When a government conducts a census, they send someone door to door and count people. In space, if you want to count the stars, it gets complicated. Fast.

Unlikely as it sounds, the so-called "stellar census" is underway--an ambitious project of the European Space Agency (ESA) that could help resolve mysteries about the origin and evolution of the galaxy.

The humble goal of the project? To draw the largest and most precise three-dimensional map ever of our beloved home, the Milky Way. When completed, this atlas of 1 billion stars will actually represent a mere 1 percent of the Milky Way's celestial payload; nevertheless, it will go a long way toward helping us understand where we came from in the deepest and most profound way imaginable. 

THE MISSION. Launched in December 2013, Gaia is an ambitious mission to say the least. By doing this exhaustive 3D mapping, scientists could in the process reveal new details about the composition, formation and evolution of the galaxy. Thanks to new breakthroughs in science, Gaia will provide unprecedented positional and radial velocity measurements that can reach new heights in terms of accuracy.

gaia maps the stars of the milky way

THE SPACECRAFT. At the heart of the five-year mission is the 2,000 kg, 10-meter-wide Gaia spacecraft, which lives to measure not only stars but also planets, comets, asteroids and quasars. Among Gaia's “passengers” are two telescopes and a billion-pixel camera. As the spacecraft slowly orbits around the sun, her telescopes perform an uninterrupted scan of the sky.

While Gaia slowly spins over a period of six hours, the telescopes simultaneously observe two rectangular patches of sky that are separated by an angle of 106.5 degrees. Each telescope has a large, rectangular primary mirror. Three curved mirrors and three flat mirrors focus and repeatedly fold the light over a total distance of 35m before reaching the focal plane where the camera is located.

 
The spacecraft will monitor each of its target objects about 70 times over a five-year period to study the precise position and motion of each target. The highly precise calculations being done based on that data represent a veritable revolution in astrophysics. To put it into perspective, ESA scientists have compared Gaia's challenge to attempting to measure the diameter of a human hair from 1,000 kilometers away.

gaia's first sky map, annotated

THE LENOVO PART. When you’re charting more than a billion stars, accuracy is paramount. That’s where Lenovo comes in. The Gaia project requires advanced technology that can help manage vast volumes of information without making errors. That’s why the ESA recently renewed its contract with us, extending a five-year relationship through which their team of scientists uses Lenovo NeXtScale technology to process those large volumes of data.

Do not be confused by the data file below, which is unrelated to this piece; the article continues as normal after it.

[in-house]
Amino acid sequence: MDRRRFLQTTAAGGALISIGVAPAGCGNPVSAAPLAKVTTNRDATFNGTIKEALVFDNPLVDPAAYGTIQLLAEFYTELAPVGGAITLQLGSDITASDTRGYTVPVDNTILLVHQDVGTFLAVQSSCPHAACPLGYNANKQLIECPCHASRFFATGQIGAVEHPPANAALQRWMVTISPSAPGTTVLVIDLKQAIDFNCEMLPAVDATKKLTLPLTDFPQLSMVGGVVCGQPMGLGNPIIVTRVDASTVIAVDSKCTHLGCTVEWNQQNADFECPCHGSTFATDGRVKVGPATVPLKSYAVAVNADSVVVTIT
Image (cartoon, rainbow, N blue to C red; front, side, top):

Lenovo has been working with the ESA's European Space Astronomy Centre to facilitate the processing of Gaia’s data since 2011. Once the mission is complete, the final file is expected to represent more than a petabyte, or a million gigabytes, of data. Put another way, that’s about 200,000 DVDs worth of data.

a sky scan from the gaia spacecraft

Our collaboration with the ESA is the latest evidence of Lenovo’s commitment and ambition in the High Performance Computing market. In 2015 we opened a Global HPC Innovation Centre in Stuttgart as a base to permanently foster R&D and application benchmarking. Lenovo also joined the European Technology Platform for High-Performance Computing, a think tank with the objective of taking an active role in defining research priorities and action to help the European Commission define and excel in HPC.

THE HOPE. The ESA released its first batch of data from the mission in September 2016, at which time mission manager Fred Jansen said he was happy with the quality and precision of the 500 billion data measurements Gaia had already collected. That initial data set has already been distributed within the scientific community for analysis.

Up next: delivery of the full atlas of 1 billion stars, which is expected to happen in April 2018. The scientific community will await this moment with bated breath.

They say you can’t know where you’re going until you understand where you came from. For us—the inhabitants of the Milky Way—it’s electrifying to consider that we could soon know more about our origins and, in the process, gain better insight as to where we’re all headed.

 

Gavin O'Hara is Lenovo's Global Social Media Publisher. All photos courtesy ESA. (Thanks!)